Election 2009

On June 12, 2009, Iranians took to the polls to vote for the next president of the Islamic Republic of Iran (IRI).  What appeared to be a hasty vote count and resulting announcement of the incumbent as the winner led many in the country to allege electoral fraud in the days that followed.  Peaceful protesters immediately took to Iran's streets to demand their votes back. 

Those protests were met with swift retaliation from the IRI-led security apparatus, and in some instances, the use of deadly force.  Many protesters were arrested and jailed in the aftermath on spurious charges and reports of beatings, tortures and even rapes in detention quickly surfaced.

Since the election, little effort has been made by IRI authorities to investigate the role of law enforcement, prison and judicial officials in these abuses.  The documents reproduced on this page give a detailed account of those events, including first hand witness testimony from victim survivors and an analysis of the alleged perpetrators' responsibility under Iranian and international laws.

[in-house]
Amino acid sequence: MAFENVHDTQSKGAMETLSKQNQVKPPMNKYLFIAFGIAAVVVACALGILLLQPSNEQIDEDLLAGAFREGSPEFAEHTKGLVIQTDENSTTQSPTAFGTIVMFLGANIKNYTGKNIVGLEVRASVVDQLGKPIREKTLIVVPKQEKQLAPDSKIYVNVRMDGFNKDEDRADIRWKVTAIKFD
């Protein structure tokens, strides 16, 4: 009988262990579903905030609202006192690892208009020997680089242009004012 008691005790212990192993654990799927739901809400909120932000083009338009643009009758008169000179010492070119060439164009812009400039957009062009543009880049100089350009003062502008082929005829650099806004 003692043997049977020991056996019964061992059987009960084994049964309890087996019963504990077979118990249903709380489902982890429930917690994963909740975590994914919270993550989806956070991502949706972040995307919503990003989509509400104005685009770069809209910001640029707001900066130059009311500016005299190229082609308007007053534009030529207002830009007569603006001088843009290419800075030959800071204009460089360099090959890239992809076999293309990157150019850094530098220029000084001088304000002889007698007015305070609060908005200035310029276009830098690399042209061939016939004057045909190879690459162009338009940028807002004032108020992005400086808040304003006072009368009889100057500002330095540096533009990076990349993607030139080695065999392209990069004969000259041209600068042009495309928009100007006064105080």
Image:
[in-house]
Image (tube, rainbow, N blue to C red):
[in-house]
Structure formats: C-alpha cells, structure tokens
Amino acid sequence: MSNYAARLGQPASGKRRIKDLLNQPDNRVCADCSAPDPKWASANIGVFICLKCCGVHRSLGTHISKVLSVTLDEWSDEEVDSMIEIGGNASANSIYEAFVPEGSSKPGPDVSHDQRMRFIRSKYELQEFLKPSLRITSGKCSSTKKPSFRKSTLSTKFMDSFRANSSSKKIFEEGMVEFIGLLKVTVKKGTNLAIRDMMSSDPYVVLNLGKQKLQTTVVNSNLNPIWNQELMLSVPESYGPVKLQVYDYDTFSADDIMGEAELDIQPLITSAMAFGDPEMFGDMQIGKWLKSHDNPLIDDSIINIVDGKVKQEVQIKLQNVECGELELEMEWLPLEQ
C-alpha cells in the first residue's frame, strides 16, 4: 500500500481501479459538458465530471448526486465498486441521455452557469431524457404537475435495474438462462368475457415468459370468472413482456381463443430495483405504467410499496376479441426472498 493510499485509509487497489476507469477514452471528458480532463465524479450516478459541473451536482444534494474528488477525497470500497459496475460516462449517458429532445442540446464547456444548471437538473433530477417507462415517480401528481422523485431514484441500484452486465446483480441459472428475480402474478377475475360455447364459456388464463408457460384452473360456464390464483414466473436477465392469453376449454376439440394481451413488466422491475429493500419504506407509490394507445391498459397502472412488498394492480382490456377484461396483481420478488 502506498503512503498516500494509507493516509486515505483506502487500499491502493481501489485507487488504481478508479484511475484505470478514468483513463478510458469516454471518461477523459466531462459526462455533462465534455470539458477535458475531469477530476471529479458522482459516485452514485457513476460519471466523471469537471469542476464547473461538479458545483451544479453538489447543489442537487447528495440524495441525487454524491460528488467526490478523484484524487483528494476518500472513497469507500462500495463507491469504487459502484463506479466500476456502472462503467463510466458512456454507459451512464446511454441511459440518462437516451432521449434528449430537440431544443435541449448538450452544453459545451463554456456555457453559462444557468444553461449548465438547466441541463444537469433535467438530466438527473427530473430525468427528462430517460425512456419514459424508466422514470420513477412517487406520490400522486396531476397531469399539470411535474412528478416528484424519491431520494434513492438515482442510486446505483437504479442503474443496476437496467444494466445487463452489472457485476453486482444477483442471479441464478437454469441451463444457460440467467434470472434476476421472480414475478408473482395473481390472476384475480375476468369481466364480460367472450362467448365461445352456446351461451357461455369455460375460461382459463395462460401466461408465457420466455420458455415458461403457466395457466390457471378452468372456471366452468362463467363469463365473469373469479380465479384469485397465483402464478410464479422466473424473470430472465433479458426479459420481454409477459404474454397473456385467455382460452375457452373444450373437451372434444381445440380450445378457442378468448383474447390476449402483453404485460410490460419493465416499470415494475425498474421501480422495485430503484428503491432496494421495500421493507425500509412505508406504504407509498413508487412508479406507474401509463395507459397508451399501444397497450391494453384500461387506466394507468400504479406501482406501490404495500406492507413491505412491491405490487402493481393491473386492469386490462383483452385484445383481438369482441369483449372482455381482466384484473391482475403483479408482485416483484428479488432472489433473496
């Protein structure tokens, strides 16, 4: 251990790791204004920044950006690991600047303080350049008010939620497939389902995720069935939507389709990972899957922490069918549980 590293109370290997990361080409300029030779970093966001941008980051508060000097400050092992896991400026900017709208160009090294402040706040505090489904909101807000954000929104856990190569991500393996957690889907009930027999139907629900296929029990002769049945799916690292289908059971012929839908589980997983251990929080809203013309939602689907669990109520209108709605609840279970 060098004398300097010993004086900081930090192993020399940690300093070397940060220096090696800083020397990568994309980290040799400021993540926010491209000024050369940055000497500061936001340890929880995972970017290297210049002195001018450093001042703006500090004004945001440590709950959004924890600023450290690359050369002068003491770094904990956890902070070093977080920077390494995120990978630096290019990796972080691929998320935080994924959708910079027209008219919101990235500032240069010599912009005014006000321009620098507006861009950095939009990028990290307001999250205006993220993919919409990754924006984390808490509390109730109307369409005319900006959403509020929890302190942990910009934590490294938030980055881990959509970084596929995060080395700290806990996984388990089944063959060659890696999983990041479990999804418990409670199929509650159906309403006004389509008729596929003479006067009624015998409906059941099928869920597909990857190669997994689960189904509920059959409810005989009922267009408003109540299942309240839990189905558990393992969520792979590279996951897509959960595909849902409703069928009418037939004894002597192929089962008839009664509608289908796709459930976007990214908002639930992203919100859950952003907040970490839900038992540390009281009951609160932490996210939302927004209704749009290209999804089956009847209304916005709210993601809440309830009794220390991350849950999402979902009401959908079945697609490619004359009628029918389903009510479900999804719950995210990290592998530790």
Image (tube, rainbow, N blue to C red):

Responsible Leaders

Violent Aftermath: The 2009 Election and Suppression of Dissent in Iran

This preliminary report documents and analyzes the regime’s brutal suppression of dissent after the June 12, 2009 presidential elections. Hours before the incumbent, Mahmoud Ahmadinejad, ... Read more

A Year Later: Suppression Continues in Iran

In commemoration of the one year anniversary of the ongoing human rights crisis in Iran, IHRDC issues this short report on the suppression of dissent ... Read more

Witness Statement of Mohammad Shams

Mohammad Shams, a young political opposition supporter, describes his arrest, detention and torture after he participated in demonstrations protesting the June 2009 presidential elections results.   Name: ... Read more